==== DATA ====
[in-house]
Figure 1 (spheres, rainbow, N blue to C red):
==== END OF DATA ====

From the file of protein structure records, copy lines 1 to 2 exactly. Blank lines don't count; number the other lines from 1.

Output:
[in-house]
Figure 1 (spheres, rainbow, N blue to C red):